By Kate Holton and Michael Holden
LONDON (Reuters) - British Prime Minister David Cameron woke on Friday to find usually hostile newspapers gushing about his statesman-like qualities after he signaled his opposition to a new law governing the press.
After his party suffered a night of humiliation in three parliamentary elections, instead of facing questions over his leadership, he was cheered for rejecting the main plank of proposals from a public inquiry he set up in the wake of outrage at the excesses of tabloid newspapers.
Under a headline over two pages lauding "Cameron's Stand for Freedom", the right-wing Daily Mail said a "Defiant PM" had refused to accept the call for laws to control the press.
"To his enormous credit, however, David Cameron sees this report for what it is - a mortal threat to the British people's historic right to know," it said in its editorial.
"If he prevails in protecting that right, with the help of like-minded freedom lovers in the Commons and Lords, he will earn a place of honor in our history."
The Daily Telegraph, another right-leaning newspaper that has been far from fulsome in its support for Cameron, said the unexpected decision had revealed his leadership and acceptance that press freedom was "a constitutional necessity".
"His decision tells us also something about Mr. Cameron's capacity for statesmanship," the paper said in a commentary piece on its front page. "He appreciates the need for decisions that are unfashionable or unpopular.
"He has answered the hopes of a Conservative Party that sometimes wonders what he stands for," it said, under a cartoon mocking the inquiry with the line: (Caption to be supplied by cross-party committee of MPs).
Cameron's clear sign he would reject the main recommendation of the report from Lord Justice Brian Leveson followed a year-long inquiry that heard in unflinching detail from celebrities, victims of crime and others who said the notoriously aggressive press had ruined their lives.
It also followed weeks of frantic lobbying by the newspapers within Westminster, who argued any involvement of the law in press regulation would amount to state control and an attack on free speech, putting Britain on a par with Zimbabwe.
Critically, Cameron's stance also puts him on the same side as the majority of his senior Conservative ministers who had openly opposed legislation, and in alliance with Boris Johnson, a former journalist and London mayor who is cheered by the press and seen as a possible challenger to Cameron in the future.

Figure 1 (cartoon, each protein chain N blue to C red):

While it will bolster his position in the eyes of press barons ahead of a 2015 election, it is not without risk.
It puts him in clear opposition to Nick Clegg, leader of the junior Liberal Democrat party in the coalition, and vulnerable to defeat in parliament if the opposition force a vote.
It also earned him the condemnation of those who spoke out against the press, including the families of murder victims, who accused the prime minister of betrayal. Both the politicians who oppose Cameron and the press victims plan to keep up the pressure as lawmakers try to find a consensus.
Malcolm Rifkind, a Conservative party grandee and former foreign secretary, told Reuters the pressure applied by senior members of the cabinet had meant Cameron could not simply accept the Leveson recommendations in full.
He had previously given his backing to statutory regulation.
He also described the lavish praise from the country's press as a "mixed blessing" that should prompt caution in the party.
"Governments normally like press support but when it's press support because you're not responding to what many people would have liked but the press didn't want, then obviously you've got to be careful," he said.
Commentators on the popular ConservativeHome website mostly backed Cameron for showing backbone over the issue but even they warned he should not get used to the adulation.
Rupert Murdoch's Sun tabloid, which has been particularly tough on Cameron's government and would typically oppose any apparent attack on the press, joined his Times paper in being conciliatory towards Leveson and less exuberant about Cameron.
The 4 million pound ($6 million) inquiry was ordered after the Sun's sister title the News of the World admitted hacking into phone messages on an industrial scale to generate ever more salacious stories.
"Much of Lord Leveson's report on the press makes sense," the Sun said in its editorial, adding it applauded Cameron's decision to oppose any legal basis for a new watchdog.
The only major newspaper to question Cameron's decision was the left-leaning Guardian, which led much of the coverage of the phone hacking scandal last year.
"The prime minister has surprised many, especially the victims, with his multi-leveled concerns about statute," it said. "It is not clear if this is a position of principle, or to win friends on the Tory benches and in Fleet Street.
"Leveson was the seventh occasion in as many decades that an inquiry has been commissioned into the behavior of the press. It's time to get it right."
(Reporting by Kate Holton and Michael Holden; Editing by Sophie Hares)
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